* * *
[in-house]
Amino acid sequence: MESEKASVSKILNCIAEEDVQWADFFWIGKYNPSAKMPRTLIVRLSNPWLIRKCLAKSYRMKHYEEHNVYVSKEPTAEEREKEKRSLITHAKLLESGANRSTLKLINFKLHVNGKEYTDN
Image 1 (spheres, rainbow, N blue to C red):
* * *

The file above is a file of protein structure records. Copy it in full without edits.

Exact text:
[in-house]
Amino acid sequence: MESEKASVSKILNCIAEEDVQWADFFWIGKYNPSAKMPRTLIVRLSNPWLIRKCLAKSYRMKHYEEHNVYVSKEPTAEEREKEKRSLITHAKLLESGANRSTLKLINFKLHVNGKEYTDN
Image 1 (spheres, rainbow, N blue to C red):